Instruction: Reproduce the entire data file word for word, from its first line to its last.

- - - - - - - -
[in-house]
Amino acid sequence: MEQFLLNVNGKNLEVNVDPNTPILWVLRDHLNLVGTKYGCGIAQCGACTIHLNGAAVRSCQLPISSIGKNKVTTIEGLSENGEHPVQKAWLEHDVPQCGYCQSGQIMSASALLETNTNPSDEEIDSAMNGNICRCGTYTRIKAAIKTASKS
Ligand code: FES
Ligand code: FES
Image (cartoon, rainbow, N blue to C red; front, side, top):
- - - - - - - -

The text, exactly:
[in-house]
Amino acid sequence: MEQFLLNVNGKNLEVNVDPNTPILWVLRDHLNLVGTKYGCGIAQCGACTIHLNGAAVRSCQLPISSIGKNKVTTIEGLSENGEHPVQKAWLEHDVPQCGYCQSGQIMSASALLETNTNPSDEEIDSAMNGNICRCGTYTRIKAAIKTASKS
Ligand code: FES
Ligand code: FES
Image (cartoon, rainbow, N blue to C red; front, side, top):